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Lack of track prep

I guess if the NHRA wants to slow some of the cars MPH some of the time, they can get all they want with just less traction compound. I'm guessing this is only a partial fix, and that they'd prefer to slow all of the cars all of the time without so many aborted runs.

You folks who think the lesser funded teams getting "lucky" (I use this word VERY loosely) and going rounds is going to last have probably got yet another economics lesson coming your way eventually. I'll admit that its fun to watch the small guys win, I just don't think its going to last (unless the big teams go away).

Jeff
If the track will only allow 3.90-4.10 in funny car, nobody is going to go faster or quicker. Same thing in top fuel. They are limited by what the track can hold. Take Dale Creasy as an example. He can run those numbers and be competitive. Same with Jeff Diehl, Jim Dunn etc. The big teams won't be able to push it harder as the track won't hold it.
 

Frank

Nitro Member
"Also, for those that say NHRA hasn't done anything to slow the cars down, remember (1) rear end gear limit (2) nitro percentage (3) rev limiter (4) track distance."

"None of which have worked.......................until lowering track grip"

Ken I disagree with you. The rule changes over the years have most definitely slowed the cars down. It might not seem like it because they still run 330+ in only 1000', but without the above mentioned changes the E.T.s and speeds would be much quicker/faster with all of the advancements in technology. Here is the progression of the Top Fuel National Record speeds in approximately 15 year increments:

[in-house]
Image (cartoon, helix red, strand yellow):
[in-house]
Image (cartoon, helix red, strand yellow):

1970 Hendrickson 232.55
1985 Garlits 268.01 World Finals
2001 M. Dunn 330.55 Joliet

And here is an example of the Top Fuel E.T. progression:
1994 Shelly Anderson 4.718 World Finals
2006 Tony Schumacher 4.428 World Finals (The Run)

So in the 12 years from '94 to '06 the e.t. record was dropped almost 3 tenths of a second. The speed record was improved by 62 mph 16 years after Garlits set it! Now obviously, as the cars go quicker and faster performance gains get smaller and smaller. I contend, with all the advancement in technology and knowledge over the last 15 years, and if the cars were still running the same rules they had back in '01-'06, plus still running the full quarter mile, the e.t. record would be somewhere around 4.27-4.32 and the speed record would be around 350-358 mph. (I'm assuming Goodyear would have continued progressing with the tires. For example, the tires used to chunk pretty bad when the cars ran near 330 and now they don't chunk nearly as often)

Conclusion - Lowering the rear end gear, reduction in nitro percentage, mandating the rev limiter, reducing the track to 1000' have all played a part in reducing the speeds. Decreasing the glue on the track is just another next step. (A very good step in my opinion)
 
I guess I was looking at it from more of a "make it competitive" angle
yes NHRA has kept the speed in check, more than likely because of Goodyear, but the big teams with the HP have an advantage when there is more grip.